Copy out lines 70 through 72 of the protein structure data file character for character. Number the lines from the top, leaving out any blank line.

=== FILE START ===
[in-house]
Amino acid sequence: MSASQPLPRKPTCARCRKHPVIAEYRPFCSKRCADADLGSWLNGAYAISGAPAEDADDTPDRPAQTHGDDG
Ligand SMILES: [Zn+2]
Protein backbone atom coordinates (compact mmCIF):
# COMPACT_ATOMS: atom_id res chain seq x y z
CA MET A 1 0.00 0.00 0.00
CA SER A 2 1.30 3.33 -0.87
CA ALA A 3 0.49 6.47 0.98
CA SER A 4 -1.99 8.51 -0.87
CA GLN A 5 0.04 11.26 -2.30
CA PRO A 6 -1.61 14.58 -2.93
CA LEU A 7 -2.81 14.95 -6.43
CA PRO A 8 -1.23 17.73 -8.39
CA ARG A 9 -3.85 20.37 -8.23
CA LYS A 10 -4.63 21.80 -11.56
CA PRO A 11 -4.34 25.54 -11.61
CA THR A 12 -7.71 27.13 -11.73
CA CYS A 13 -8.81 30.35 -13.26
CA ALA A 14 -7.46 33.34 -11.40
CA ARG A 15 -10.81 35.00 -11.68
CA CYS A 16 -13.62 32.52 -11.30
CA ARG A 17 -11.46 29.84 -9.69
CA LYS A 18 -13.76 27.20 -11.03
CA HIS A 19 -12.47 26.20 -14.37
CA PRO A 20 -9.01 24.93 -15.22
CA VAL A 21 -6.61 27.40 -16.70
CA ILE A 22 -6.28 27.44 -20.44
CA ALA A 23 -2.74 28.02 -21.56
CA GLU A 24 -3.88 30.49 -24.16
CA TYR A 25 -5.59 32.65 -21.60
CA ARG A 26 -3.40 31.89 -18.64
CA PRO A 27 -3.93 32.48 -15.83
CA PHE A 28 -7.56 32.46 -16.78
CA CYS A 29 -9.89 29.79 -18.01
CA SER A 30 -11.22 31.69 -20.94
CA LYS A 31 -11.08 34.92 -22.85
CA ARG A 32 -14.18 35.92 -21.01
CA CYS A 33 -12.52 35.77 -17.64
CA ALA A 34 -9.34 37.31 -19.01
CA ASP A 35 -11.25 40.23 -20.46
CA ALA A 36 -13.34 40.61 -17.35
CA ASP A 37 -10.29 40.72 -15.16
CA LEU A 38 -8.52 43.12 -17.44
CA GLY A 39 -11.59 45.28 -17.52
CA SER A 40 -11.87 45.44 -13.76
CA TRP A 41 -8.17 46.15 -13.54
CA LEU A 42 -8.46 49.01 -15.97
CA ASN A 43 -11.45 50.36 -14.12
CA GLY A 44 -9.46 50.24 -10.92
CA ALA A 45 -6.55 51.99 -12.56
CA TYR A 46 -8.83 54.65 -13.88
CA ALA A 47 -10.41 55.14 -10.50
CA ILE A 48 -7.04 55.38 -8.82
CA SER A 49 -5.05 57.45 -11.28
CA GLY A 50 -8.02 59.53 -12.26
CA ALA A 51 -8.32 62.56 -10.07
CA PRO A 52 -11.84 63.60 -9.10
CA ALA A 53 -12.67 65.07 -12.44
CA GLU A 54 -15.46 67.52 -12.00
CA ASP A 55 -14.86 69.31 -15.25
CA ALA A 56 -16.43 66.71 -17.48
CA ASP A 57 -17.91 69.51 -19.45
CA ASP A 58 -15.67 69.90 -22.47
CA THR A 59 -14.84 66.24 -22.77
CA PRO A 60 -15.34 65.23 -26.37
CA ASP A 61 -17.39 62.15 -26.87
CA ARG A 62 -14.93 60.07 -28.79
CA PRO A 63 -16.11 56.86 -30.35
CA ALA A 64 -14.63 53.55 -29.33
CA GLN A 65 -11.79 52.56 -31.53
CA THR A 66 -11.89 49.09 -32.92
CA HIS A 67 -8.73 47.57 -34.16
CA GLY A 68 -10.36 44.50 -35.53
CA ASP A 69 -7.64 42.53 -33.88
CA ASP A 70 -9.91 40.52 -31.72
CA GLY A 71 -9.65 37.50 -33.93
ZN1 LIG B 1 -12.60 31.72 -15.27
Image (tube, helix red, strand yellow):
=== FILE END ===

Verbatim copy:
CA GLN A 65 -11.79 52.56 -31.53
CA THR A 66 -11.89 49.09 -32.92
CA HIS A 67 -8.73 47.57 -34.16